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Impending Disaster

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  • auldfardt
    Hi guys, Are there any winemakers out there. I m making my first batch of wine and I,ve got a problem. I would be grateful for any help or advice. I purchased
    Message 1 of 5 , Jan 1, 2005
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      Hi guys,
      Are there any winemakers out there. I'm making my first batch of
      wine and I,ve got a problem. I would be grateful for any help or
      advice.

      I purchased 50 kg of muscat grapes, pressed them & placed them into a
      40litre fermenter. The S.G. was 1.07 and I added 1.5kg of white
      sugar. The temperature of the must was 26C.

      I added 2 flat teaspoons of sodium metta mixed with 1liter of water &
      stirred this in. Left it to stand overnight.

      I then sprinkled 2 sachets of general purpose wine yeast on to the
      top & stirred it in (I now know that this is NOT how to do it).

      It's now 24 hours after adding the yeast & there's no sign of
      fermentation starting.

      I do not have any more wine yeast & it's the middle of the new years
      holliday. There are no brew shops open until Tuesday.

      My questions :

      Should I :

      1) Wait until Tuesday to get some more wine yeast. Will the must
      keep until then - I can't refrigerate it.

      2) Add a packet od Alcotes Turbo 48 yeast . If I do this, will I
      still end up with a drinkable wine?

      3) Add 2 packets of larger(beer) yeast. Will this result in off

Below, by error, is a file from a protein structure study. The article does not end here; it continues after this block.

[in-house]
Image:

flavours?

      4) Just hit it with the Turbo 48 & settle for making a brandy wash?

      Any help would be appreciated.


      Greg (AuldFardt) Queensland, Australia
    • suitcase1499@aol.com
      Just my opinion I d add the turbo and make some fine brandy, remember this is just my opinion, I m no expert on this I m just a moonshiner (LOL). In all
      Message 2 of 5 , Jan 1, 2005
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        Just my opinion I'd add the turbo and make some fine brandy, remember this is
        just my opinion, I'm no expert on this I'm just a moonshiner (LOL).
        In all reality I'd do what I thought suited me best..... I do believe it
        would keep refrigerated. Once again just my opinion.

        Suitcase


        [Non-text portions of this message have been removed]
      • Derek Hamlet
        RELAX and I do mean relax. For starters, you sprinkled the yeast onto the must. I m not surprised that you don t see any action after 24 hours. For a fast
        Message 3 of 5 , Jan 1, 2005
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          RELAX and I do mean relax.
          For starters, you sprinkled the yeast onto the must. I'm not surprised
          that you don't see any action after 24 hours. For a fast start, you might
          have considered making a starter which consists of:
          1. rehydrate the yeast in water at a suitable tempt. 40C.
          2. Add a little of your must at 30 degrees C. You will see action.
          Keep adding must every half hour or so, until you get a bubbling frothy
          mass happening. Keep this up for a couple of days until you get about two
          litres of frothing starter happening. Add this to your must. It will
          really take off. Assumptions about cleanliness etc. are assumed.
          For Chrissakes, don't do anything like add turbo or beer yeast or anything
          else. Keep it covered until you can get to your local wine shop.
          What is a general purpose wine yeast. There is no such thing. Oh a wine